Recreating Window Light In-Studio

Window Light Thumb


One of the most flattering light sources for portraits is the most simple to come by, especially in the spring and summer. Window light inside your home or studio can be excellent for portraits and offer a variety of looks based on how you position yourself and your subject.

Window light is very flattering as the glass acts as a diffuser, and you can vary contrast by moving your subject closer and further from the window. Shadows can be controlled by how much you angle your subject towards and away from the light. The more they face the light, the less shadows you will have.

In the example below, the subject was placed opposite a glass window. The window is large and she is directly facing it so shadows are soft and minimal.

In the example below, the subject was next to a window with the light coming primarily from the right side of the frame. The left side of the face was in too much shadow so a reflector was added to fill it in. Softening the shadows improves skin texture and creates a softer look overall.

The problem with window light is that it is most effective with bright sunlight during spring and summer months. During the fall and winter, overcast weather and a lower angle of orbit can make working with window light a lot more difficult. What we are going to do in this lighting lesson is recreate the look of a large window in-studio using soft boxes.

Part One – Classic Window Portraits

For the first shot I wanted to go for a classic window portrait so I picked up some semi-sheer curtains and used a backdrop stand to hang them up on-set. I used a white paper backdrop in the background to mimic a flat interior wall. Next I placed a LiteDome: Extra Large soft box on one side of the curtains facing them squarely.

The most important element to mimic window light is the angle of the soft box. I like to place it vertically with a very slight downward angle. Normally when I work with soft boxes I place them at more of a 45-degree angle but to sell the window light look, a more direct angle better mimics sunlight filtering though a large pane of glass.

To get started I asked the subject, Emiliya to stand on the opposite side of the curtains. For posing, I asked her to pretend the soft box really was a window and that she was standing by it, looking out.

In the examples below, you can see that the paper backdrop really does look like a wall and the filtered light of the soft box mimics a sunny afternoon. I shot these images at f5.6 with a 1/125th shutter speed using ISO 100.

I didn’t mind the shadows on the face but I wanted to soften them a bit to even out the exposure. I added a SunLite LiteDisc: Oval reflector on the other side of Emiliya from the soft box.

Below you can see the same pose with no reflector on the left and with it added on the right. Whether you add a reflector comes down to what you prefer and the overall look you are going for.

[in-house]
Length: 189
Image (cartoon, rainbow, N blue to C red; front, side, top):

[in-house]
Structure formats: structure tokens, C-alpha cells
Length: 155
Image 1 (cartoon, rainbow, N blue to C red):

Part Two – Backlit Drama

For the next window light look I wanted to try something trickier. Window light can be excellent for backlighting a subject but it’s a lot more difficult to control the light. If you place your subject in front of a bright window, with their back to the glass, you can expose for the subject’s skin tone and the background will blow out completely if the sunlight is bright enough.

To accomplish this look, I placed the extra large soft box behind the subject and moved the curtains so that Emiliya would be standing behind them, looking through.

With this technique it’s difficult to expose for skin tones without getting extra light spilling into the frame. I wanted Emiliya to have the freedom to move around so I embraced the light spill and let it wrap around her body from behind. This creates a darker, shadowed area in the center of the face but I personally like the effect.

To soften these shadows and make sure there is enough detail in the face I added a 42″ 9-in-1 MultiDisc Reflector, specifically using the white surface. I placed the MultiDisc at about a 40-degree angle in front of and below Emiliya to bounce light up into her face. The first example below accomplishes this backlit effect with the curtains added to sell the window look. These images were also taken at f5.6 with a 1/125 shutter speed using ISO 100.

After this shot I ditched the curtains and went for a tighter crop as shown in the example below. The reflector in front of Emiliya insured that enough light would bounce up into the eyes and soften the cross-shadow in the center of her face.

With this lighting effect I like to have the subject turn slightly into the light spill for a soft and ethereal look such as in the two examples below.

If you can get your hands on a large soft box like the LiteDome: Extra Large, you can start mimicking window light in your own studio. Have fun with it!

Written and photographed by Laura Tillinghast.

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